G7 and the Urgency of Now
As part of their 2022 campaign “End Extreme Poverty NOW” Global Citizen brought together policy-makers, activists, and thought leaders in advance of the G7 Summit to share strategies for achieving a more equitable, sustainable, and healthy future for everyone, everywhere. The Donor Tracker, an official supporter of this campaign, was proud to attend the event and present some data-driven insights into why is now an important moment for donors to step up their financing of international development through ODA and why we need G7 leadership on this issue. Below is a revised version of the speech delivered by SEEK Development's Sinead Dwyer at the event.
Why is now the right moment for donors to step up their financing of international development through ODA?
Before the pandemic, the world was already off track to meet the Sustainable Development Goals. When the COVID-19 pandemic began in 2020, it represented a prime opportunity to rally the international community around shared goals and the need for collective action. It was in was in some ways, the perfect advocacy moment. And we saw this play out, with global leaders trumpeting the mantra on the world stage that “nobody is safe until everyone is safe.” However, this rhetoric of a united global response to COVID-19, has so far, not been matched by real funding commitments from the governments of high-income countries.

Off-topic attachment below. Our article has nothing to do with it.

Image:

While official development assistance (ODA) did increase between 2019 and 2020, the growth was not commensurate with the scale of the additional challenges the international community was facing. While most G7 donors did increase their ODA in the first year of the COVID-19 crisis, those increases were mostly relatively small and, in absolute terms, were largely offset by a large decrease in ODA from the UK (see figure). Faced with the biggest global health crisis in a decade, only two countries managed to reach the 0.7% target in 2020, a target that most of them agreed to more than 50 years ago. In 2021, if the costs of vaccine dose donations are excluded, real volumes of ODA barely even increased, rising by only 0.6% compared to 2020.
The increases in ODA observed in the first two years of the crisis were not enough to address the direct additional costs of COVID-19, never mind protecting against the indirect negative impacts on progress against the SDGs. It should have been that donors’ funding for COVID-19 came on top of their regular ODA funding, but instead, the COVID-19 response drew funds from other sectors, compromising funding for the development challenges that we were already struggling to achieve.
It wasn’t that donor governments didn’t increase spending in response to COVID-19: they did, they just did it in a very insular way. Donor governments launched unprecedented domestic fiscal stimulus packages to protect their citizens and economies but only three of them – Germany, the US, and Australia – directly used some of this emergency funding for the international response.